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    23 People Explained Their Decision To Leave Their Workplaces, And It's Incredibly Eye-Opening And Horrifying

    "I ended up leaving when I was asked to move my root canal because my boss wanted me to get some work done for her."

    In what's been dubbed the Great Resignation, people across the country have been mass quitting their jobs for various reasons. So, we decided to ask the BuzzFeed Community to shed some light on their personal experiences and why they left (or are going to leave) their workplaces.

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    Here's what they shared:

    (Warning: Some of the responses contain graphic mentions, including abuse against animals and workplace sexual harassment.)

    1. "My boyfriend managed a care home for people with disabilities, one of many homes owned by a large company. He quit his job because he’d worked for five weeks without a day off. Every time he was supposed to get a day off, he’d end up having to go in because someone didn’t show up to work. He often came home from a full day and had to go back and work that night as well..."

    On My Block

    "The last straw was when he got home at 2 a.m. from his longest stretch yet (five days in a row with no more than six hours of sleep at a time); he decided to sleep in and go in a little late (which he communicated to everyone involved). As he was walking out the door at 10 a.m., he got an email that he was being written up for coming in late. When he went to his boss’s office to talk to him about it, his boss had left early. He was also paid salary so he wasn’t even being compensated for this extra work; it ended up turning his monthly pay into about $6/hr."


    2. "After seven years at the same place, I left in July 2021. The company was understaffed, and I was doing the job of at least three different people and felt very under-appreciated. The company then took away employee benefits including sick days or paid time off..."

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    "All of the employees were so unhappy; it became such a negative work environment. I put in my two weeks' notice, and they told me to just leave. I started a new job a few days later and have been so much happier!"


    3. "I don’t actually mind my job — it may be incredibly boring, but the pay is alright, and the benefits are good. We worked from home most of 2020 and proved it can be done with little disruption or accommodation, but they’ve refused to let me continue to work remotely. Commuting, dressing up, packing lunch, being away from my dogs all seem so pointless; so I’m just gonna move anyway and keep trying to find permanent remote work or train in a trade..."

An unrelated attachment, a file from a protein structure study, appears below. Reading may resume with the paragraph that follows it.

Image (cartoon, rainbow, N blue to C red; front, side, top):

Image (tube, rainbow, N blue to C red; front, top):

"I’m fortunate enough to have family I can move in with at a low rent so I’ll have the time to figure out my next step career-wise. I don’t want to be tied down to one place though, and I’d rather focus on the things that matter like my dogs and family than a 1.5-plus-hour daily commute."


    4. "I was in isolation with a 3-year-old and also pregnant for much of 2020. I had my second son in October and went back to work March 2021. I also started school in April. I worked for my company for 18 years — 15 in management — and they said they were no longer willing to work with my school schedule, after touting themselves as a company that works with students and is 'family friendly...'"

    Catherine Falls Commercial / Getty Images

    "I cried, made my peace, and quit the next day. I sacrificed a lot for them, and they had no respect for me as a person, only seeing me as a number that was replaceable. I lost a lot of respect for them after that. Now I'm working toward my nursing degree and a better life."


    5. "My boyfriend managed a Texas Roadhouse and has been working for them for about five years. He quit because the stress was so bad on him that he was bleeding every time he went to the bathroom for a week straight. The day that he quit, he didn’t have a single issue."


    6. "I haven’t quit yet but am actively pursuing other employment opportunities simply because of my direct supervisor. While I knew from literally the first day in the job I didn’t like the work itself, it would be at least tolerable if I didn’t have a supervisor who feels the need to micromanage..."


    "She only works remotely but feels the need to have a billion phone calls, emails, and meetings throughout the day. Every time I’ve tried to take innovative approaches to go a little above expectations, I’ve been reprimanded for not going through her first. I also got a formal 'coaching' meeting because I didn’t respond to one of her billions of emails within two hours while I was working remotely in quarantine... The idea of going back to dealing with her makes me desperate to find something else."

    Sugar, Spice, And Chemical X

    7. "Because I worked in a restaurant. Need I say more? LOL."


    8. "I started working for a 'college student friendly' company saying that they would work around my schedule. In the end, my boss got mad at me for not having all the time in the world during midterms, called me at 8 a.m. for an unscheduled performance review, and in general overstepped my boundaries..."